A sprightly woman in her seventies, not the owner of a Casa Particular, told me that she had been a student activist before the revolution, an exciting time, she said, with continuous perilous activity that she enjoyed very much. We asked her if she was a ‘communist’, and she said no, but then elaborated a detailed narrative for why this was so, one that was at one with the revolution she had lived through, not against it. Yes, she remembered that in the early years of the revolution, time when there were still armed counter-revolutionary groups engaging in sabotage, she had heard the noise of gunfire early in the morning in Havana as opponents were seized and shot. The death penalty was restored in Cuba under the new regime. This woman was not a member of the Cuban Communist Party, but the reason she would not call herself a communist was because this was surely, she said, a state of being to be aimed for, not one that we could or should imagine to be achieved now. I was reminded of Che Guevara’s rather moralistic injunctions to the Cuban people to work harder to build socialism as a function of aiming to build what he called the ‘New Man’, not to rely on material incentives. The office building Guevara oversaw the construction of did not, apparently, have elevators because, he argued, it was better that office workers get some exercise climbing the stairs.

There were, in the early years, immense political differences between the three different organisations that were brought together first into the Integrated Revolutionary Organisations, in 1961, then into the United Party of Socialist Revolution two years later and then into the Communist Party of Cuba, which was founded in 1965 and which had its first congress ten years after that. Castro and Guevara’s J26M had, of course, been forged primarily in the peasant struggle, and it needed to link with the student Revolutionary Directorate which was based mainly in the towns and in Havana, which was then and is still the largest city in the Caribbean. And J26M needed a disciplined organisational resource base that was to be found in the Popular Socialist Party which had been founded way back in 1925 as the local communist party, section of the Third International, and so tightly controlled by Moscow.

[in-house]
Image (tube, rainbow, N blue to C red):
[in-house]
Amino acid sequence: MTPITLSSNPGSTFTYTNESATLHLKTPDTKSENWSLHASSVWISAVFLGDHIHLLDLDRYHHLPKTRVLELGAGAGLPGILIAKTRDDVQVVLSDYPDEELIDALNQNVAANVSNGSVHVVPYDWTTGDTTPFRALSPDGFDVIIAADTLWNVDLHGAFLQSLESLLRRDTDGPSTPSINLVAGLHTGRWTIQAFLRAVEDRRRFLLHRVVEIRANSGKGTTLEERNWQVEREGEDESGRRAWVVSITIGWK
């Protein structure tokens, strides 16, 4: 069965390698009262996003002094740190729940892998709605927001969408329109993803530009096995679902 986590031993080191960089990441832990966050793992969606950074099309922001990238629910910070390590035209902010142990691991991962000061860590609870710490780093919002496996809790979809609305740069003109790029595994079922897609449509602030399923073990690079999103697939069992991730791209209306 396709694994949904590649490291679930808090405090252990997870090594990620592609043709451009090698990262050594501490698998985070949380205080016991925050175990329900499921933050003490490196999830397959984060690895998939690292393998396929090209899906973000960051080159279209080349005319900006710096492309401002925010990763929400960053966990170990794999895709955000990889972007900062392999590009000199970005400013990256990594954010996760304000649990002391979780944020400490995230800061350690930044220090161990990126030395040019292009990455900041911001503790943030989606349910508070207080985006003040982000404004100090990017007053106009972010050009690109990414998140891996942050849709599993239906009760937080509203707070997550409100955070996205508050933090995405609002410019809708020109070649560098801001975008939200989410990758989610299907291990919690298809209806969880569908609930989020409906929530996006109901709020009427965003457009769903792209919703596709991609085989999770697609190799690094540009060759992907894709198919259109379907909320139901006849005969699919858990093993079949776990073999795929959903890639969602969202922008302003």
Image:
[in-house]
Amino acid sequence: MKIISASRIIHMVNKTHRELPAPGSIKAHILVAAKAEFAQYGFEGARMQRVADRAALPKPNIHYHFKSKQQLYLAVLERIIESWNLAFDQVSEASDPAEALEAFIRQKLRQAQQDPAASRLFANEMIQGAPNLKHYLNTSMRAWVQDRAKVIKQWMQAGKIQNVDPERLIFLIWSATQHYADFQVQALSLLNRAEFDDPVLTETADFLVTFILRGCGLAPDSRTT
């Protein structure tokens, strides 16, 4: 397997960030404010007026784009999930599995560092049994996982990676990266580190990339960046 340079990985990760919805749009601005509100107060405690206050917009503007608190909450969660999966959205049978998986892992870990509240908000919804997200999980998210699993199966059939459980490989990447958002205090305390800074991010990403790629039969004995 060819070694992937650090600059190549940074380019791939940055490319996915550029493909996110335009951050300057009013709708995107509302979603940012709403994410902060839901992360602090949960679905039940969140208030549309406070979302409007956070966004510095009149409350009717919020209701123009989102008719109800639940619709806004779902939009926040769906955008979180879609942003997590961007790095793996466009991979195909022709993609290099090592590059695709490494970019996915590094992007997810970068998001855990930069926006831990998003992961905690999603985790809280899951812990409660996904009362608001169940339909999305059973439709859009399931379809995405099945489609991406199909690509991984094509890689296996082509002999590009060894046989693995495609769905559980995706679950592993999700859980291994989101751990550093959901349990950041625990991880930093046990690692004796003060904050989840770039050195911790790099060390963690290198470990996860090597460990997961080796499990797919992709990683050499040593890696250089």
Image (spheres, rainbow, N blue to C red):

Here is the internal local root of the problem that Cuba has faced from the beginning, a root of the problem of Stalinist bureaucracy that was intertwined with the Soviet compact. It should never be forgotten that the Popular Socialist Party, PSP, actually supported Batista right until the last moment, opposed the Havana General Strike that was called to support the J26M guerrillas in the countryside, and tried to put the brakes on the nationalisations that turned Cuba into something like a workers state. There are three elements of this direct local influence of Stalinism on Cuba that gives to Cuba both a bureaucratic and a deserved ‘Radical Face of Stalinism’ and which Castro and Guevara, at times, fought.

The first is the political apparatus that J26M lacked, and which it needed in order to be able to govern the country. The twists and turns of the PSP as it followed one disastrous line given by Moscow to the next had the effect, as with other communist parties that were franchises of the Third International, of hardening the organisation, making its leadership all the more obedient while all the better placed to give orders, to enforce top-down administrative rule.

The second element of the direct local influence of Stalinism was the commitment of the PSP and then the continuing Stalinist apparatus inside the CCP from 1965 to a ‘stage’ notion of historical-political development in which the ‘national democratic’ stage must come first, and only then can the ‘socialist’ stage be advanced. In countries dependent on imperialism, as Cuba was dependent on the United States up until 1959, that meant that the Stalinists opposed the revolution growing over from carrying out basic bourgeois democratic tasks by engaging in socialist revolution. We are not there yet, but this revolutionary space is blocked, distorted, waiting its moment to flower again.

The third element is the classic distortion of Marxism expressed in Stalin’s notorious phrase ‘socialism in one country’. Here in Cuba it means not merely an attempt to cope with the brute reality of the situation, to make the best of the isolation the country suffered, and then to attempt to break out of that isolation (as Guevara tried to do in the Congo and then, fatefully in Bolivia), but to twist the narrative into celebration of this isolation. The celebration of socialism in one country not only leads to nationalist distortions, something that Cuba has bravely challenged – with an internationalism that is also, then, tangled in the manoeuvres of the Soviet bureaucracy, but an internationalist spirit nonetheless – but also to a concordat with other regimes around Latin America, and around the world that call themselves socialist but are not, or with others that would not even claim to be so.